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Daily Press: Pregame is free of incidents


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Pregame is free of incidents


By Warner Hessler

Daily Press

Published October 13, 2003

LANDOVER, Md. -- The pregame warmup is not something that commands a lot of attention. But, one hour before kickoff Sunday at FedEx Field, swarms of photographers took up positions outside the Redskins' and Buccaneers' tunnel entrances onto the field, and writers stood in the press box and waited for the teams to make an appearance.

The reason for the vigilance was the mid-week warning Washington linebacker LaVar Arrington issued to Tampa Bay defensive tackle Warren Sapp. Arrington threatened to intervene if Sapp ran through the Redskins' stretching lines before the game, as he had done to the Indianapolis Colts last Monday night.

As it turned out, the Redskins were through with their stretching by the time Sapp and the linemen came out, and he didn't venture anywhere near the Redskins' half of the field. The two Pro Bowl players had a cordial conversation after the game.

"I had to let him know it (not interfering with the Redskins' stretching) was a sign of respect," Arrington said. "He came up to me after the game and was laughing, and stuff. He understood, and we embraced and wished each other luck."

"That (the warning) is the type of thing I would do, too, if somebody was coming into my stadium in a manner that I didn't like."

TOUGH GUY, PART VI. As was the case in the first five games, Redskins' quarterback Patrick Ramsey took another beating from pass-rushers. He was sacked four times and flattened nearly a dozen times after delivering passes.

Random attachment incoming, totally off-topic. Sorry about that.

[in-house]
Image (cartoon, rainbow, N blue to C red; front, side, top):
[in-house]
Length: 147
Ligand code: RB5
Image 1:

And, as was the case in two previous games, an opponent praised Ramsey for his toughness and for refusing to be intimidated.

"I have a lot of respect for Ramsey," said rugged safety John Lynch of the Bucs. "We got some good hits on him, but he seems to be unfazed by a pass rush. I was like, 'Man, this is a tough kid.' Sooner or later, though, that's going to get (Ramsey hurt)."

TURNING POINT. In Tampa Bay coach Jon Gruden's mind, the turning point in the game came on a third-and-16 situation from the Bucs 15 in the third quarter with Washington holding a 13-7 lead. Gruden called a misdirection pass play and nobody was around to stop running back Michael Pittman from catching an 18-yard pass. The Bucs' went on to score the first of four consecutive touchdowns in the second half.

"That big conversion shot life into our team," he said. "Certainly, you don't know if it won you the game, but I guarantee you that if you punt the ball back to Washington from that area of the field, they've got a six-point lead and a chance to go in for some decisive blows."

SMART GUY. Three of Tampa Bay quarterback Brad Johnson's four touchdown passes were on play-action bootleg passes to little-known tight ends, two to Todd Yoder and one to Will Heller. Players from both sides credited Gruden's play-calling for setting them up.

"You have to give them credit for having a good game plan," said Redskins' linebacker Jeremiah Trotter, who was among the many falling for Johnson's fakes. "They ran the ball a little in the red zone, and then they ran the play-action to get us off balance."

"Jon is creative every week," Johnson said, "and I think that's where he is the master over a lot of other

situations and coaches."

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